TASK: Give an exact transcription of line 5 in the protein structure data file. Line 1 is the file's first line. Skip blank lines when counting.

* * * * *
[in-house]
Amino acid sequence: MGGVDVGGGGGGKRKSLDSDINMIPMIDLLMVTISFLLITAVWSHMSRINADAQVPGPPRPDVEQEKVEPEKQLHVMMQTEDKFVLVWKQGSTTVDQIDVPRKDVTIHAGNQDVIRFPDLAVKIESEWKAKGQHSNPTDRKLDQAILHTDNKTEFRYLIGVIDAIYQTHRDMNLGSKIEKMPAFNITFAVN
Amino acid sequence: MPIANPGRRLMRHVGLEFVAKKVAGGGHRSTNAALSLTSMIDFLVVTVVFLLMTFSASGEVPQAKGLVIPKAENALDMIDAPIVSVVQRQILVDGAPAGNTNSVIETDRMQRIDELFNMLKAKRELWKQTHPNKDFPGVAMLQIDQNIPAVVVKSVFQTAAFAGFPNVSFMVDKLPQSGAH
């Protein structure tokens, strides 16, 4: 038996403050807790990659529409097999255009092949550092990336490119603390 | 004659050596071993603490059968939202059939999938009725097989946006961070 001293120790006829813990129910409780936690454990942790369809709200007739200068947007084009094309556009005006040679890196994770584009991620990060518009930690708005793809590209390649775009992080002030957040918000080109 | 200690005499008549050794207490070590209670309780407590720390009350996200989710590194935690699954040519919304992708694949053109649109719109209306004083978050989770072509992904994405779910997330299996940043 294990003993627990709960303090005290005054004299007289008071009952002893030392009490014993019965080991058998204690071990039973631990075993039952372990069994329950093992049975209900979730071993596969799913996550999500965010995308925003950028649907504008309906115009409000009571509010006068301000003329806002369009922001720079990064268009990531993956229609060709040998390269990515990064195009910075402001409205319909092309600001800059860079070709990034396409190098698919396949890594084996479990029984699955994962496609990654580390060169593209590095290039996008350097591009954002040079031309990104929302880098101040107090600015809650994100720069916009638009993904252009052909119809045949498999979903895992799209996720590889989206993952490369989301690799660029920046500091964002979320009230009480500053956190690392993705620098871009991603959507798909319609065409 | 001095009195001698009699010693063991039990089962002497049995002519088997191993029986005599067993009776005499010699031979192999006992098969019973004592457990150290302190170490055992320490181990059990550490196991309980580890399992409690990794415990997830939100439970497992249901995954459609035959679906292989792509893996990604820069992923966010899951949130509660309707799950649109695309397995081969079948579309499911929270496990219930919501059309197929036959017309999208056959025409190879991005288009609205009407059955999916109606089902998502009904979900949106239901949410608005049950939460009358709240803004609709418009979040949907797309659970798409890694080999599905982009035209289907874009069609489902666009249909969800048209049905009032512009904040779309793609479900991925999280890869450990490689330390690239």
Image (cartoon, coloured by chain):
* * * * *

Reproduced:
Image (cartoon, coloured by chain):